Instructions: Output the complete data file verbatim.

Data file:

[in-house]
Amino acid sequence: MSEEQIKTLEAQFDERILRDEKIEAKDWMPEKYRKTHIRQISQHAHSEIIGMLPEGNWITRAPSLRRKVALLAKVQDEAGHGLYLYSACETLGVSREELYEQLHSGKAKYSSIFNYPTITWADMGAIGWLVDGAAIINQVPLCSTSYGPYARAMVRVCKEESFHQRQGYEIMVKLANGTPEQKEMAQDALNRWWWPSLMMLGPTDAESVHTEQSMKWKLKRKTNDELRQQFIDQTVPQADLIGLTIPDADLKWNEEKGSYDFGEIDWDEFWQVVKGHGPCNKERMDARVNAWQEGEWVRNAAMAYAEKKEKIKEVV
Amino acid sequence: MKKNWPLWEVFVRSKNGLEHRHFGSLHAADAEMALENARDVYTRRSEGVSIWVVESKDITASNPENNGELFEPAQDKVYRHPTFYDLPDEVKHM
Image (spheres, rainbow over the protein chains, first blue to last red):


[in-house]
Amino acid sequence: MSEEQIKTLEAQFDERILRDEKIEAKDWMPEKYRKTHIRQISQHAHSEIIGMLPEGNWITRAPSLRRKVALLAKVQDEAGHGLYLYSACETLGVSREELYEQLHSGKAKYSSIFNYPTITWADMGAIGWLVDGAAIINQVPLCSTSYGPYARAMVRVCKEESFHQRQGYEIMVKLANGTPEQKEMAQDALNRWWWPSLMMLGPTDAESVHTEQSMKWKLKRKTNDELRQQFIDQTVPQADLIGLTIPDADLKWNEEKGSYDFGEIDWDEFWQVVKGHGPCNKERMDARVNAWQEGEWVRNAAMAYAEKKEKIKEVV
Amino acid sequence: MKKNWPLWEVFVRSKNGLEHRHFGSLHAADAEMALENARDVYTRRSEGVSIWVVESKDITASNPENNGELFEPAQDKVYRHPTFYDLPDEVKHM
Image (spheres, rainbow over the protein chains, first blue to last red):